Hi Everyone! Happy New Year – I guess I can just say that before January ends!
It’s still school holidays here, although the carefree days are drawing to a close.
At the beginning of the holidays, I thought it would be fun to try a few new crafts together, with one of them being macramé. Unfortunately, I couldn’t whip up any enthusiasm for it.
However, even if no-one else was interested, I thought I’d do some.
It’s not my first time doing macramé. I tried it when I was about 10 or 12. I made a macramé dog lead in the hope that my parents would buy us a dog, but they didn’t, so I gave the lead away to some friends who did have a dog.
I’d bought some macramé cord, and Tracy of Knit-Spin-Weave kindly lent me her archive of 1970s macramé books. These books are amazing – the instructions are excellent. As anyone over the age of 50 knows, the 1970s were a renaissance time for macramé, and all sorts of other crafts too.
I borrowed some books on modern macramé from the library as well, but they were mainly home decor macramé.
I saw a belt in one of Tracy’s book and though I’d give it a try. The instructions were brief but there were good how-to illustrations for making the actual knots.
But I didn’t really know how to actually get started. I dithered a bit on Youtube before going back to the book and taking a better look at the photo, and thought I should just try.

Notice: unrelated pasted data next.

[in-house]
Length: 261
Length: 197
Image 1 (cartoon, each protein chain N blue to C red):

Once I got started and was about 8cm in, I hit the groove. It’s kind of addictive in the way tapestry is “just one more row”.
Just over half way through, I had a horrible feeling I didn’t have enough rope left. I continued on anyway, not feeling very good about it.
But then I made the happy discovery that macramé stretches, so I did have enough and didn’t have to make the belt as long as I first thought.
By the way, I hope you’ve noticed I’ve photographed these on our deeply unfashionable faux-wood laminate kitchen table, which is the same era as the macramé books.
The belt in the book didn’t have a buckle or fastening – the ends were just tied together in a knot, as a tie belt.
I like this belt!
- I found macramé easier to get the hang of than knitting or crochet – if you can already do these, macramé’s a breeze.
- It’s a big time saver to wind up each cord and secure it, rather than pulling metres and metres through with each knot.
- Unpicking sucks. You have to undo each knot.
- It’s not something you can easily pick up and put down. It’s best to set it up somewhere where it can stay, and devote a slab of time to it. I had to pack mine up for dinner.
- Specs: my belt is 75cm/30″ long not counting the 50cm long ties at each end. I used 8 strands of 3mm cotton cord, each 4.80m and had some length left over. It took maybe 4 hours?
In the interests of nostalgia, here’s a gallery of some of the macramé projects in the 1970s books. Many of these could be re-made, re-photographed and be published today (and some not).
I didn’t know that Kaffe Fassett designed macramé as well.
Have you done macramé, either lately or a long time ago?